I’ll come straight out with it here: I don’t care where the British Grand Prix is held. I can well understand if people have a particular attachment to Silverstone. But I just don’t have it.
The thing is that, even though I am in Britain, I live a long way away from Silverstone. I don’t exactly live in the sticks, but the central belt of Scotland where I reside is hundreds of miles away from Silverstone. The British Grand Prix is not my grand prix. I’ve never been in a position to attend it. And I doubt I would be in the future. It simply involves too much upheaval.
Of course I would one day love to attend a Grand Prix and would pull out all the stops when I decide to do so. But would Silverstone be my first choice? Probably not. Travelling all the way to Silverstone would only be marginally more convenient than travelling to, say, Magny-Cours, Catalunya or Hockenheim.
Once I decide to spend such a significant amount of time travelling somewhere, I really may as well make a holiday of it or something rather than going along just to spend a blustery weekend in a crumbling, roofless Silverstone grandstand. It is notable that the one grand prix I have actually seriously considered attending is the Hungarian Grand Prix. I’ve never looked into travelling to Silverstone.
So my “home” grand prix means very little to me. When home is hundreds of miles away it ceases to have any meaning. My affinity with Silverstone is zilch. Of course I appreciate it as a circuit, just as I appreciate any other circuit. But I wouldn’t shed any more tears for the British Grand Prix’s loss than I would for the removal of, for instance, the Belgian Grand Prix.
As such, I can only shrug my shoulders for the prospect that the British Grand Prix is under serious threat. So I am not particularly bothered about the proposed move to Donington. I suspect most people are apprehensive about it because they suspect that Donington will never be ready in time for 2010 and therefore the announced move is little more than a proxy for the removal of the British GP.
Clearly Donington needs a lot of work to be brought up to the standards expected of a modern F1 circuit. But it is a nice circuit with plenty of history. People talk about Silverstone’s history as though it’s the only place that has history. But Donington has it as well.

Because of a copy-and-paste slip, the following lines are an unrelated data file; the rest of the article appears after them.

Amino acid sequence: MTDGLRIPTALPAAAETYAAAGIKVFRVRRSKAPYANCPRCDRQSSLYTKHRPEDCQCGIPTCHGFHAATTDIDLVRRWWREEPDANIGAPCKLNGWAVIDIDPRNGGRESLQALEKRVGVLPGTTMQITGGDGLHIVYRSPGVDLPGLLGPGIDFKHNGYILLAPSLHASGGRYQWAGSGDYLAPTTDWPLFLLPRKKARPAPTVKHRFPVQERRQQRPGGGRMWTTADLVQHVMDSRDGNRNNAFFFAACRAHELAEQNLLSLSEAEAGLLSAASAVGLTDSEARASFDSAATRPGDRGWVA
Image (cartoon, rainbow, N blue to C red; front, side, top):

People talk about Donington as though it is a pigsty. But in recent years it has been the venue for the British MotoGP. MotoGP is not Formula 1, of course, but it’s not that much smaller. Of course Donington needs work, but as I pointed out in my previous post so does Silverstone (certainly in the eyes of Bernie Ecclestone).
Access is also said to be a problem. But it handles MotoGP okay (though I’ve heard the traffic was pretty bad this year). It also plays host to the rather large Download music festival. And it’s not as though Silverstone has been free of traffic problems over the years.
There are many who also point out that Silverstone is by no means the F1 circuit with the worst facilities, with Interlagos frequently being cited as a terrible venue. However, this ignores the reality that Formula 1 simply needs a venue in South America even if that venue has to be a total dump. If F1 is to have any pretence of being a World Championship, it can’t afford to ignore this part of the world, especially as it has brought us so many great drivers over the decades. Europe, meanwhile, has grands prix falling out of its pockets. F1 can probably afford to lose the British Grand Prix. It certainly can’t afford to lose the Brazilian Grand Prix.
Where the Donington story gets fishy is the idea that the upgrades will be finished within two years. And that £100 million will somehow be raised by a fan-powered debenture scheme. Then again, you could just as easily ask where Silverstone would get the money it needs to make its improvements.
I think the harsh reality is that Britain now has no venue that is capable of holding an F1 grand prix. That certainly seems to be the view of Bernie Ecclestone. If the best hope of retaining the British Grand Prix is to throw our weight behind Donington, it might be the only way to go. Whether fans will feel this way to the extent of £100 million collectively remains to be seen.